Ongoing Instability for International Students
Giselle Carson Dec 4, 2018 in Immigration News
For the first time in many, many years, the number of international students and scholars at US universities declined.
This decline is attributed to various factors. Uncertainty about visa policies. Instability about OPT and CPT options. And yes, the United States being a less welcoming place to foreign students under the Trump presidency.
Many new immigration policies make it difficult to recruit talented students and scholars to American campuses. This is also impacting US employers’ ability to hire needed foreign talent.
Here are just some of the regulatory actions taken that have made things more difficult for international students.
- New restrictions on the duration of visas for Chinese graduate students
- Changes as to how “unlawful presence” is calculated, increasing the likelihood that international students could face years of restriction on being admitted to the U.S.
- Policy changes making it harder for companies to hire OPT STEM students
- USCIS counting both OPT and Curricular Practical Training (CPT) towards students’ 12 months of practical training, leading to change of status denials on H-1B petitions and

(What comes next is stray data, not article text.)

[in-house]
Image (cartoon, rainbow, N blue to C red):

- The Travel Ban
Effective August 9, 2018, USCIS significantly changed its policy as to how international students would be subject to the 3- or 10-year reentry bar provisions. Under the new policy, USCIS will start counting days of unlawful presence the day after any student’s status violation occurs. Under prior policy which had been in place for about 20 years, the unlawful presence clock did not start until a USCIS official or immigration judge made a formal finding of a status violation.
Also, the very existence of the Travel Ban has had a negative impact on international students. It goes beyond students from the banned countries. There has also been bad global publicity surrounding the ban, which doesn’t make the United States look like a very welcoming place to matriculate.
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